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The Briefing

Shifting Shores: Next steps for Northern Ireland’s Coast

Shifting Shores: Next steps for Northern Ireland’s Coast Banner

by Aiken PR


A strategic approach to shoreline management is urgently needed

A strategic approach to shoreline management is urgently needed according to the ‘Northern Ireland Coastal Data: Current Status and Future Options’ report which was launched today by Northern Ireland’s leading conservation charity The National Trust.  The report highlights the need for investment in coastal monitoring and data gathering to build future momentum for better coastal management.


Key decision makers, opinion formers and local community representatives gathered at the ‘Shifting Shores, Wave 2’ seminar in Titanic Belfast where key recommendations from the report where shared to better understand coastal change and agree robust plans for the future.


Commenting at the seminar Heather McLachlan, Director of the National Trust Northern Ireland said, “Our coast is an important place for nature and for people, contributing to the economy and quality of life of all its residents. With climate change we are facing into an era of increased pressures upon the coastline including increased storminess and sea level rise. It is our duty as a conservation charity, to work in partnership with interested groups to ensure better long–term management of the coast.


“Recommendations from the seminar today include the need to invest in coastal monitoring and data gathering; a knowledge–led and strategic approach to shoreline management with support from key stakeholder groups and a long–term management approach that plans now for future change, working with nature and not against it”


In Northern Ireland, the National Trust manages 108 miles of coast and their vision is for a coastline that is clean, healthy and shaped by natural forces, in which wildlife is abundant and to which local people and visitors enjoy safe and inspiring access.


Speaking on behalf of both the Department of Agriculture, Environment and Rural Affairs, and the Department for Infrastructure, David Small, Chief Executive of the Northern Ireland Environment Agency addressed the seminar and thanked the National Trust for organising the event and for their ongoing work on coastal management.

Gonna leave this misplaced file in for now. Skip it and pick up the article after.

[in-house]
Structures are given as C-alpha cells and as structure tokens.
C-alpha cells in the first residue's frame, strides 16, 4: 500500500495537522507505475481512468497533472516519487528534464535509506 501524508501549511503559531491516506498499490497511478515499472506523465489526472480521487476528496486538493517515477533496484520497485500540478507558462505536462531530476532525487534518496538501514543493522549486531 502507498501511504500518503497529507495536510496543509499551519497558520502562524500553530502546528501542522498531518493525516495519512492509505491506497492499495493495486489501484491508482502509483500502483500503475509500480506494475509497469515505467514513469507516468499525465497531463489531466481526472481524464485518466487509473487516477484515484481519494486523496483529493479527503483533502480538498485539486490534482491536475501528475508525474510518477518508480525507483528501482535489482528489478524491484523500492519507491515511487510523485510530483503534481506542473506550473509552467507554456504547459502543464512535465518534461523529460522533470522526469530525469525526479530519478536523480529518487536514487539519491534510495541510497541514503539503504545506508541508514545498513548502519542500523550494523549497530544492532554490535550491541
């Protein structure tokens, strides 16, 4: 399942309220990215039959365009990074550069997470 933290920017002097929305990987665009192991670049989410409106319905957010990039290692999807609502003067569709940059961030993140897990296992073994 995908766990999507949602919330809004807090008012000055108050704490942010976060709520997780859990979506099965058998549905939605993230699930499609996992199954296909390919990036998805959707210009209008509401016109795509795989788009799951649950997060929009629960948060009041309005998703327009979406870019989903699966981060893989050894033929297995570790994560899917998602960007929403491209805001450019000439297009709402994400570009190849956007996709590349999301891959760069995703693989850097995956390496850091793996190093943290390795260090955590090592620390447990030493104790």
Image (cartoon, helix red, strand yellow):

In his opening address, Mr Small complimented the Trust stating: “The National Trust owns 775 miles of coastline around England, Wales and Northern Ireland and could be described as veterans in coastline management, with the Neptune Coastline Campaign running for over 50 years now.  Previous Minsters recognised that there is a gap in coastal erosion risk management in Northern Ireland and committed to completing a baseline study and gap analysis of coastal erosion in Northern Ireland.


He continued: “Today’s event is very timely in updating everyone on the progress the two Departments are making on the Baseline Study.  This will help to identify areas that may be at risk from coastal erosion.  We are also fascinated to hear of the approach to this issue in other administrations.  All of this will help to inform decisions of future Ministers and councils in ensuring a better approach to managing our coastline that is proactive, rather than reactive, and takes into account climate change.”


The seminar is part of the National Trust–wide ‘Shifting Shores’ programme and builds on the 2016 event, which inspired the National Trust to commission experts from the University of Ulster to look closely at what coastal data currently exists for Northern Ireland; to identify gaps in the research; outline options for helping decision makers better understand coastal change and agree next steps.


A copy of the full report can be found at